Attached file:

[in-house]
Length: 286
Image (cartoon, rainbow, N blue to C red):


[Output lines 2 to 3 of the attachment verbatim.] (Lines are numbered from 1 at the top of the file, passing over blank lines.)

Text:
Length: 286
Image (cartoon, rainbow, N blue to C red):